US 4159875 A
A slide holder is disclosed which is suitable for use in an automated differential blood cell classifier. The molded plastic holder provides a readily identifiable, stackable, and nestable device for protectively handling, positioning, and transporting a specimen such as a film of blood to be analyzed.
1. A slide holder for accommodating a planar specimen slide which comprises:
(a) a molded frame to accommodate said slide;
(b) integral cooperating slide holding means for retaining said slide defined by said frame;
(c) nesting means defined by opposing sides of said frame to cooperate with corresponding nesting means of vertically stacked adjacent slide holders to permit movement of one slide holder in one direction while preventing movement in a direction substantially transverse thereto; and,
(d) transport means operatively associated with said frame to permit mechanical transfer of said slide holder.
2. A slide holder according to claim 1 wherein said frame includes an encoding area.
3. A slide holder according to claim 2 wherein said encoding area is machine readable.
4. A slide holder according to claim 2 wherein said encoding area is human readable.
5. A slide holder according to claim 1 wherein said frame can accommodate a glass planar specimen slide.
6. A slide holder according to claim 1 wherein said frame can accommodate a plastic planar specimen slide.
7. A slide holder according to claim 1 wherein said integral cooperating slide holding means includes a resilient biasing means.
8. A specimen holder which comprises:
(a) a planar specimen slide;
(b) a molded frame to accommodate said slide;
(c) integral cooperating slide holding means for retaining said slide in said frame;
(d) nesting means defined by opposing sides of said frame to cooperate with corresponding nesting means of vertically stacked adjacent specimen holders constructed in a range to permit movement of one slide holder in one direction while preventing movement in a direction substantially transverse thereto; and,
(e) transport means operatively associated with said frame to permit mechanical transfer of said specimen holder.
9. A specimen holder which comprises:
(a) an integral planar specimen slide;
(b) a frame encompassing said slide;
(c) nesting means defined by opposing sides of said frame to cooperate with corresponding nesting means of vertically stacked adjacent specimen holders to permit movement of one slide holder in one direction while preventing movement in a direction substantially transverse thereto; and,
(d) transport means operatively associated with said frame to permit mechanical transfer of said specimen holder.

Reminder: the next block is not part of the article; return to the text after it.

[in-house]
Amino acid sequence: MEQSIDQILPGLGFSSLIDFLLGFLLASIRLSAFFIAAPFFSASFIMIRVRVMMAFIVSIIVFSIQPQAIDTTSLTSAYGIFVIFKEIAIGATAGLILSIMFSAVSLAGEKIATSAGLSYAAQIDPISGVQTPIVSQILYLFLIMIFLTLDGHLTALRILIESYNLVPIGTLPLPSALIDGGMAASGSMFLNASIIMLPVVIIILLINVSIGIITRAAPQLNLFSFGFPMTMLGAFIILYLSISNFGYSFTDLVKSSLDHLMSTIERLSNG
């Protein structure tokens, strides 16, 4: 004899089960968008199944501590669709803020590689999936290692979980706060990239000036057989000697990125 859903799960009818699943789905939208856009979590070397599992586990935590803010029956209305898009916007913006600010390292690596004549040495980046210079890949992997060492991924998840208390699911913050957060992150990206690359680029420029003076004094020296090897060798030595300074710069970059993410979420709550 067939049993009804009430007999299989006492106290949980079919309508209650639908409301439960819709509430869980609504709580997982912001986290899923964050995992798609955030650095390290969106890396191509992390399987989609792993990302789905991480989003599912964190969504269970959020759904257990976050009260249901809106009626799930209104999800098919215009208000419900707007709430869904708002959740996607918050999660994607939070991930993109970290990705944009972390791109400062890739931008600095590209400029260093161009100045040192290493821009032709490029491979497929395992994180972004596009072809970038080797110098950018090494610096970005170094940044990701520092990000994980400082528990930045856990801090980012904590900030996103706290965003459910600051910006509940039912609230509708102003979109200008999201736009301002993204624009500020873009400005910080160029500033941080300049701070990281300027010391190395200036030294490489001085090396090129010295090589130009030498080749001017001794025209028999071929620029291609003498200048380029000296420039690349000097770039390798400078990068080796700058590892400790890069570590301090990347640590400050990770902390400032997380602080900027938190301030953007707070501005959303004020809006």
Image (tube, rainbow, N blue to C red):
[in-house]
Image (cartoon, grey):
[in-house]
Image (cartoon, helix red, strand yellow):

The present invention relates to a specimen holder. In general, it concerns a device for protectively manipulating a film-like specimen to be analyzed. More particularly, it provides a molded plastic slide holder which can be transported, stacked, and nestled with other such holders.
In several different fields of technology, automated analysis of samples or specimens is of continuing interest. For example, in the medical or health care field various instruments for automated blood cell analysis, e.g., classification and counting, have been disclosed and marketed. Automated analytical instruments are also of current interest in the field of pollution analysis and control. In these, as well as other, technological fields, a variety of different automated instruments analyze a plurality of specimens each of which is generally in the form of a relatively thin film. For example, in automated differential blood cell analysis it is common practice to employ a specimen comprising a stained monolayer of blood cells on a glass microscope slide. U.S. Pat. No. 3,851,156, for example, discloses a method and apparatus particularly suitable for automated differential blood cell analysis.
A specimen holder which is suitable for use with an automated analytical instrument must, of course, hold the specimen in proper orientation or position for analysis within the particular instrument. In addition, it must permit the specimen to be transported or moved through the instrument, for example, from a sample input storage area through a scanning stage of the instrument and into a sample output storage area. During such transporting, as well as during any handling by a laboratory technician, it is usually important that the specimen be protected, for example, from scraping or abrasion from contact with other objects. In addition, it is desirable that specimens be in a form which permits their compact handling and storage. Thus, stackable and nestable forms of specimens offer certain advantages. It is also preferable that each of the various specimens be readily identifiable, to distinguish them one from another and to permit relating a particular specimen with its source.
Briefly, it has now been discovered according to the present invention that an improved specimen holder particularly suitable for use with automated instruments can be made by molding a suitable plastic material into the proper configuration as hereinafter described.